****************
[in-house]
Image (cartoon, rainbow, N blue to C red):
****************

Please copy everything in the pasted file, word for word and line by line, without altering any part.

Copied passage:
[in-house]
Image (cartoon, rainbow, N blue to C red):